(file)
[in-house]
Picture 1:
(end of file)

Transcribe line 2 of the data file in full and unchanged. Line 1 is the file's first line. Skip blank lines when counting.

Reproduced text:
Picture 1: